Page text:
Clinical longevity of metallic versus fiberglass intraradicular posts: a systematic review




Objective: This systematic review aims to compare the clinical longevity of metallic and fiberglass intraradicular posts in teeth with severely compromised crowns, utilizing randomized clinical trials and case reports published in the last eleven years. Material and Methods: The research was conducted on PubMed, Medline, Lilacs, and BBO databases using the first search strategy with the descriptors ‘dental posts,’ ‘longevity,’ ‘fiberglass-reinforced posts’ or ‘metallic posts.’ The second search strategy involved analyzing the references of articles identified by the first search. Both studies were carried out with stringent inclusion and exclusion criteria. Results: No statistically significant and clinically relevant differences in longevity were observed between metallic and fiberglass posts. Conclusion: The clinical success and durability of the restorative procedure using intraradicular posts primarily depend on the remaining amount around the post (ferrule), the type and position of the tooth in the arch (impacting the masticatory forces exerted on the restored tooth), and the correct application of the cementation technique. It is noteworthy that fiberglass posts offer substantial advantages by presenting a modulus of elasticity similar to dental structure, ensuring a more homogeneous distribution of masticatory forces and reducing the risk of fractures. These findings have practical implications for material selection in restorative procedures involving intraradicular posts.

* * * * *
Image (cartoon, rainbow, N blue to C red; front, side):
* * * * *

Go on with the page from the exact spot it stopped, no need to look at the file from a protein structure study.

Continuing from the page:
Dental materials; Dental post; Fiberglass posts; Longevity; Post and core technique.